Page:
Lifestyle features

Chaim Bermant: a novelist at heart

By Gerald Jacobs, June 15, 2012

Fourteen years ago, on January 20 1998, Chaim Bermant — still the most celebrated of all JC writers — died suddenly, a month short of his 69th birthday. This was a death that not only brought grief to his family and close friends but one that delivered a blow to an entire community.

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Leonard Bernstein, my wonderful dad

By Brigit Grant, June 14, 2012

Saturday September 8 1962
“Today is my 10th birthday and Daddy and I drove to Coney Island together. It was just him and me and we went on all the scary rides. We rode the horses on the Steeplechase, did the parachute jump, went up on the Wonder Wheel and the rollercoaster, and we had Nathan’s hot dogs. We just had the greatest time ever.”

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My pain the day our boys went to war

By Emma Klein, June 7, 2012

A lone with two small sons in Ramat Gan, after my husband was called up in the Lebanon war in 1982, I had never felt more isolated. The invasion, officially named Operation Peace for Galilee, had been triggered by the assassination attempt in London on the Israeli ambassador, Shlomo Argov.

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Why are we so awful at putting ourselves on the big screen?

By Simon Round, June 7, 2012

If you feel like watching a feature film by a British Jewish film-maker there is plenty of choice — you could watch one of the many movies made by Mike Leigh, John Schlesinger, Michael Winner or several other directors of note. But should you wish to see films featuring British Jewish characters or with a Jewish theme, there is considerably less choice.

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Israelis defy Shakespeare festival boycotters

By John Nathan, May 29, 2012

The production of The Merchant of Venice at Shakespeare’s Globe theatre in London is going to be a tense affair, and not just because Shylock is determined to get his pound of flesh. As Israel’s Habima theatre company prepares its contribution to the international Globe-to-Globe Shakespeare festival, anti-Israel protesters are preparing to stop the show.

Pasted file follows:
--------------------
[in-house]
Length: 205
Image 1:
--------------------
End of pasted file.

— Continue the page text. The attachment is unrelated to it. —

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Dodgy dealer who gave Londoners Leicester Square

By Martin Hedges, May 24, 2012

As Londoners and West End tourists are all too aware, Leicester Square has been having a facelift. This week the hoardings will finally come down and the square, unveiled by London mayor Boris Johnson, will take on its new role as "the entertainment gateway to the West End".

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Richard Desmond: How I cried for the victims of Auschwitz

May 17, 2012

In many ways, it was the trip I never thought I’d take. Like a lot of Jewish people, my knowledge of the Holocaust came from books, films and documentaries, as well as encounters with survivors. But the death of my mother Millie three years ago suddenly brought my family history to the fore and I found myself discussing it with my son Robert, who has always wanted to trace our heritage.

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Feeling guilty about supporting Bayern Munich against Chelsea? Don’t be

By David Winner, May 17, 2012

Since football is tribal our allegiance for the 1999 European Cup final between Manchester United and Bayern Munich was clear. I was an Arsenal fan and my Israeli friend supported Liverpool, so we were both cheering the Bavarians.

Only my friend's daughter was puzzled: "Daddy, why do we want the Germans to win?" He thought for a moment: "For Jewish reasons!"

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Lawyer? Accountant? No, acrobat

By Jessica Elgot, May 3, 2012

Mum, dad, I'm joining a circus." These are perhaps not the words most Jewish parents want to hear when talking to their offspring about career choices. But they would be wrong to object.

So says trapeze artist Adam Cohen. He has been performing for more than a decade, studying the flying trapeze and teaching children acrobatics and circus stunts.

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When Norwood's children discovered the joy of family life

By David Conway, May 3, 2012

Seldom do children grow up in the care of their parents while inside an orphanage. Such, however, was the unusual upbringing my elder brother Charles and I received when, in 1951, at the respective ages of six and four, we moved with our parents into an apartment in an imposing red-bricked Victorian building in south London that was home to 200 less fortunate Jewish children.

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